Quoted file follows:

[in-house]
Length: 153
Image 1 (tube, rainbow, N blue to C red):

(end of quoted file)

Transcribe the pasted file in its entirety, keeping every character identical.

[in-house]
Length: 153
Image 1 (tube, rainbow, N blue to C red):